Today on World Cafe: Next, we feature a unique duo. Sekou Kouyate, from Guinea in West Africa, has been described as "the Jimi Hendrix of the kora" for the way he electrifies the 21-string African harp. Joe Driscoll is an American living in England; he's a rapper, beat-boxer and loop-maker.
British folk musician Bert Jansch died in October 2011, about 10 months after recording this interview with World Cafe. A founding member of the folk-jazz-blues band Pentangle, along with fellow guitarist John Renbourn, Jansch was one of the most influential players of the '60s, though he never became hugely well-known.
In pop-music circles, Suzanne Vega is known almost entirely for two songs from the late 1980s: the child-abuse ballad "Luka" and a song that launched literally dozens of dance remixes, "Tom's Diner." But Vega has been making vital, inventive music the entire time — much of it folk-based, though her sound has taken many smart detours along the way — and is about to put out her first album of original material in seven years, Tales From the Realm of the Queen of Pentacles.
Originally published on Fri July 11, 2014 12:35 pm
"I'll Take You There" is a 24/7 R&B and soul channel from NPR Music. Curated and hosted by Jason King of the Clive Davis Institute of Recorded Music at New York University, the playlist runs the gamut from the genre's origins in the 1940s to today's slow jam stunners. You can follow the program on Twitter at @NPRandB and Jason King's personal Twitter account at @jasonkingsays.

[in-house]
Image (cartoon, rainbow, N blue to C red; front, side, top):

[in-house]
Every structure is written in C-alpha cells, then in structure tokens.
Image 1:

This week's two-hour mix by Metropolis host Jason Bentley kicks off with a Mount Kimbie remix of the new single by Kelis, and includes new music from the tremendous singer Roisin Murphy, who appears in Freeform Five's "Leviathan."
Eric Church is working on a level that few other country artists of his generation can touch. Now, one of the things I mean by that is that Church is willing to take big chances such as "The Outsiders," the title track from his fourth album, and clearly a manifesto he's proud of.
Despite being one of Brazil's most successful singers, with seven Latin Grammys to her name, it took Maria Rita years to realize that music was her calling. "I just rebelled against that whole idea of doing something that people wanted me to do," Rita tells Michel Martin, host of NPR's Tell Me More.
We were already excited to have legendary musician John Doe of the pioneering punk band X join us in the KEXP studio, so you can imagine our surprise when he walked in with the also-legendary Mike McCready of Pearl Jam. Doe's musical partner, Exene Cervenka, caught a cold during the Seattle stop for the band's cleverly named "X-Mas 2013″ tour, so Doe called on his old tourmate from 1999.